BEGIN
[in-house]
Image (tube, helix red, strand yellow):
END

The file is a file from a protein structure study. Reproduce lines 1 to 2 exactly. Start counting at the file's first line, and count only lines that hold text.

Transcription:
[in-house]
Image (tube, helix red, strand yellow):